50 000 km of interstate or main roads. We included neighbouring forest areas in Poland, the Czech Repub- lic, France and Belgium in our large-scale study area. We excluded the Alps as the habitat requirements of lynx in alpine biomes differ from those in low mountain ranges where we obtained our data.
We used CORINE land use data (European Topic Center on Land Cover, Environment Satellite Data Center, Kiruna, Sweden), which classify the following land use types on a 250-m grid. The CORINE classifica- tion names are provided in parentheses when differ- ent. (i) Urban areas (artificial territories); (ii) agricultural land (strongly artificial vegetated areas); (iii) pasture (less artificial vegetated areas); (iv) forests; (v) non- wooded semi-natural areas, e.g. heathland; (vi) wet- lands; (vii) water surfaces. Information on roads was digitized from 1 : 250 000-scale road maps. Roads included highways, transeuropean roads and main roads. Other paved roads, unpaved roads, unimproved forest roads and trails were not considered. All data were georeferenced on a Transverse Mercator projec- tion (spheroid Bessel, x-shift 3 500 000).
We created a raster map of 1-km mesh size and clipped it with the land use and road maps of the CSA in Switzer- land. Each lynx home range was intersected with the raster map, and descriptive environmental variables were extracted for each cell. We created five non-used home ranges for females and three for males of the aver- age size observed in the CSA. The position of these non- used home ranges was randomly assigned within the CSA, but without considering the area of lynx home ranges and big lakes (Bieler See and Neuenburger See) to help ensure that non-resident home range areas were likely to have been visited by lynx. Point distances were
7334 (9150) m from the edge, to avoid lying outside the CSA, and 14 668 (18 300) m between points, to avoid home range overlap in the same sexes for females (males). These points were then buffered with a radius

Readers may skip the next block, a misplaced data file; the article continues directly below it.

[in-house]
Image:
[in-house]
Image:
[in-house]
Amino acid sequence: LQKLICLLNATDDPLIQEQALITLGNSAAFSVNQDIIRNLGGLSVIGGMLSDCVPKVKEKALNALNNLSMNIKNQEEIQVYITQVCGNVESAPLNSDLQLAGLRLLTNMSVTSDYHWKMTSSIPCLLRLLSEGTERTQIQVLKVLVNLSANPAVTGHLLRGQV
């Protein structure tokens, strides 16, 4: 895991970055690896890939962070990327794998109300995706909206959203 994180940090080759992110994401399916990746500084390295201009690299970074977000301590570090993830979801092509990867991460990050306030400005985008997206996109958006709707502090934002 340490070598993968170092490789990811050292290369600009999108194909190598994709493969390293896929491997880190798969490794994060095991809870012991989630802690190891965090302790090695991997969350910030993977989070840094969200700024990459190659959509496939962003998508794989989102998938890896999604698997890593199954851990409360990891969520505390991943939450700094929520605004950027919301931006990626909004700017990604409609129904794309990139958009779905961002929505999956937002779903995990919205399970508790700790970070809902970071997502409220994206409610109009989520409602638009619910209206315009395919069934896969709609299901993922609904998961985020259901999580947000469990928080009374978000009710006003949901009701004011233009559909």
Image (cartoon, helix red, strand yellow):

of 7334 m (= area of 169 km2) for females and 9150 m
Breitenmoser et al. 1993; Schmidt, Jedrzejewski & Okarma 1997). Human activity may strongly affect the presence of large carnivores by direct elimination or by individual avoidance of areas used by humans (Mladenoff et al. 1995; Woodroffe & Ginsberg 1998; Revilla, Palomares & Delibes 2001; Palomares et al.
2001). Availability of prey may also be important. Unfortunately, uniform data on prey density do not exist, so we were not able to include this information in our model.
Initially we compiled a number of potential predictor variables to describe fragmentation of large forest areas and intensive human land use (Table 1). We included variables related to the presence of forest within each grid cell, such as the percentage of forest, PFor, the number of forest patches, NPFor, and the perimeter of forest patches, PeriFor. We included other land uses such as the percentages of arable land, PAgr, pastures, PPast, and other non-forested semi-natural areas, PNat (Table 1). We also included the total number of patches of any land use, NPTot, and the percentage of extensive human land use, PExt. The latter was defined as the combined percentage of forest areas, PFor, and other non-forested semi-natural land cover, PNat, when the percentage of both land uses per cell was ≥ 66·6% (Table 1). This ensured that we also included margin cells of extensively used areas. Human variables included the percentage of urban areas, PUrb, and the number of urban polygons per cell, NPUrb (Table 1). We also compiled the total length of transeuropean and major roads, R50, per cell.
We introduced two spatial indices, RA and RC, that describe the connectivity or fragmentation of extens- ively used areas on larger scales than map resolution
(= area of 263 km2) for males. The random home ranges
(Fig. 3). We defined the index RA
(x, y, r) as the pro-
of the different sexes overlapped in two cases (Fig. 2).